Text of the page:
Ashley Vomacka

Ashley Vomacka

Cyber bullying? Time to Let it Die

Student filmmakers take to YouTube to tackle youth problem

Feb. 26 will mark the seventh anniversary of the first Pink Shirt Day.

The movement to end bullying started in 2007 when two Grade 12 students at Central Kings Rural High School in Nova Scotia, rallied behind a Grade 9 student, new to the school, who was being bullied simply for wearing a pink shirt.

The boys took it upon themselves to purchase and distribute 50 pink t-shirts; by their actions, a grass-roots movement was born.

The idea spread across Canada, as schools from Labrador to Lake Cowichan took up the cause. Locally, a group of talented students at Lake Cowichan School took the message to heart and decided to create a powerful short film.

The film shines a light on the sometimes anonymous and shadowed world of cyber-bullying; kids being harassed, ridiculed and tormented through social media sites, text messages and emails.

“The film we did was originally going to be entered in the Great American No-Bull Challenge, an online anti-bullying event, but we had some technical issues when we went to submit it,” said LCS Grade 11 student, Lauren Frost. “The idea behind it is close to our hearts and we thought it was an important message to get out.”

The five-minute short entitled Let it Die can be viewed on YouTube by searching “Lauren Frost cyber bullying.”

It tells the story of three teens, all negatively affected by different forms of bullying by their peers.

The fact that at some point all three characters in the film consider suicide as the only escape from their torment is a sobering one and definitely not just the stuff of fiction. There have been numerous high-profile cases in the media of teens driven to take their own lives.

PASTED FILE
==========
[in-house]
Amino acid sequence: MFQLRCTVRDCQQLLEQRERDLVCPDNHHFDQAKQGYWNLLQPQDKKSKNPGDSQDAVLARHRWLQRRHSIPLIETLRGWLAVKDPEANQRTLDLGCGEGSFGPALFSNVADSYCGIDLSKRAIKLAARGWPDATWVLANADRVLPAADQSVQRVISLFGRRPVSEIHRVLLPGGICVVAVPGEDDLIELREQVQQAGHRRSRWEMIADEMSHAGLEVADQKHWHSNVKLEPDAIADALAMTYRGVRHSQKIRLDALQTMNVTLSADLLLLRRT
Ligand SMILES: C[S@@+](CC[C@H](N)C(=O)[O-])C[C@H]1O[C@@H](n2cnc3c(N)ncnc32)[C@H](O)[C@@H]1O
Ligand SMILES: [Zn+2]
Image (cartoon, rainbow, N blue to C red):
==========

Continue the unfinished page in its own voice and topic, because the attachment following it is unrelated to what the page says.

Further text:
“The idea behind the video was to show the physical side of it. So the character that I play is seeing what’s happening in cyberspace,” said LCS Grade 12 student, Ashley Vomacka.

“We want people to realize that words still hurt and just because you can’t see someone’s face as they read something, there are still consequences.”

The girls chose the medium of film for their project after taking a newly offered course in film at LCS last year. Frost acted as executive producer, while fellow student, Jayson Paychaud directed.

The team of Frost and Vomacka have gone on to make several more films and created a YouTube channel to showcase upcoming “Fromacka Productions.”

They recently completed a 50-minute psychological thriller entitled Two’s a Crowd. Frost wrote the original script, with both girls combining forces to come up with the final screenplay and act in the production.

“We’re burning it to a DVD and will show it at premiere night which takes place each year at the school,” said Frost.

As well as creating Let it Die, the team will participate in many other events during the school’s upcoming Compassion Week as part of their Leadership Group initiatives.

“There’s suicide awareness, Rainbow or Acceptance Day as well as Pink Shirt Day on the 26th,” said Vomacka. “We’re also encouraging people to go out and perform random acts of kindness.”

For parents concerned about their kids’ online activities and the whole bullying problem, a good place to start is by viewing Let it Die.

There are also many resources and websites available that provide tips on keeping kids safe online and what to do if your child or someone they know is being bullied or is bullying someone.

The government site getcybersafe.gc.ca is a great start, or contact your child’s school for more ideas. LCS held a cyber-safety presentation at the school last December which provided lots of good information.

Cyber-bullying takes many forms and not all of them involve words. It’s important to be aware that the sharing or transmitting of certain images can also be a form of bullying, with the recently introduced Bill C-13 enacted to deal with just such activities, resulting in some cases, in criminal charges.

“We need to keep getting the message out that bullying of any kind cannot be tolerated,” said Vomacka. “If you wouldn’t say something to someone face-to-face, then why would you say it on-line? Nobody should have to put up with being bullied.”

 

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